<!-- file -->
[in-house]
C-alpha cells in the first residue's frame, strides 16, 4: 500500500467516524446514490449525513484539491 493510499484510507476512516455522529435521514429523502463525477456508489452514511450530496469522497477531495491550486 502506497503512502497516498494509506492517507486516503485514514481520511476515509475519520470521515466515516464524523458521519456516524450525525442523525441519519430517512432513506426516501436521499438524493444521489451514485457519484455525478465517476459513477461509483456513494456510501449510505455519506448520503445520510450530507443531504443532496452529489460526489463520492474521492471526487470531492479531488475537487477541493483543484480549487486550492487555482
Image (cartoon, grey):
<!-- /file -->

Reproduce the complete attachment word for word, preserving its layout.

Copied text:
[in-house]
C-alpha cells in the first residue's frame, strides 16, 4: 500500500467516524446514490449525513484539491 493510499484510507476512516455522529435521514429523502463525477456508489452514511450530496469522497477531495491550486 502506497503512502497516498494509506492517507486516503485514514481520511476515509475519520470521515466515516464524523458521519456516524450525525442523525441519519430517512432513506426516501436521499438524493444521489451514485457519484455525478465517476459513477461509483456513494456510501449510505455519506448520503445520510450530507443531504443532496452529489460526489463520492474521492471526487470531492479531488475537487477541493483543484480549487486550492487555482
Image (cartoon, grey):